Jacob August Riis Lodgers in Bayard Street Tenement, Five Cents a Spot 1889

  • Not on view

In the late nineteenth century, many immigrants in New York City lived in crowded tenement apartments that lacked the modern conveniences of the bourgeois home, such as artificial lighting. For this reason, when social reformer and police reporter Jacob Riis set out to photograph these working-class inhabitants, he brought his own flash apparatus: a frying pan filled with flammable magnesium. Although his intention—to stir the conscience of the upper classes with his documents of urban poverty—was progressive, his methods were intrusive. Riis often entered homes without permission, opening his camera shutter and blinding unsuspecting sitters with an explosion of light. His illustrated book How the Other Half Lives (1890), which includes this photograph and many others, led to laws making tenements safer and more habitable.

Gallery label from 2021
Additional text

Journalist, photographer, and social activist Jacob Riis produced photographs and writings documenting poverty in New York City in the late 19th century, making the lives and living conditions of the working poor as widely visible as possible. In 1878, he became a police reporter for the New York Tribune and was assigned to the area known as Mulberry Bend in Lower Manhattan, where the city’s worst slums and tenements were concentrated. He began documenting the deplorable living conditions there, producing photographs like Lodgers in Bayard Street Tenement, Five Cents a Spot. In this image, he captures tenement dwellers in a candid moment, highlighting their overcrowded, dirty, and dangerously dilapidated surroundings. Riis would visit the tenements at night, whose darkness was compounded by the fact that many of the rooms in these buildings lacked windows. He compensated for this by using the newly invented magnesium flash, which produced a ball of blinding light that both illuminated these spaces and surprised his subjects.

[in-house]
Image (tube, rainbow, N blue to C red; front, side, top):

Riis presented his images in magic lantern slide lectures and published them alongside essays and eventually in his successful 1890 book, How the Other Half Lives: Studies Among the Tenements of New York. Though his methods and motivations were not free of controversy, his photographs are widely credited with helping to bring attention and improvements to the degrading conditions in the tenements. His candid, raw style influenced later generations of documentary photographers, including Dorothea Lange and Walker Evans.

Gelatin silver print, printed 1957
6 3/16 × 4 3/4" (15.7 × 12 cm)
Gift of the Museum of the City of New York
Object number

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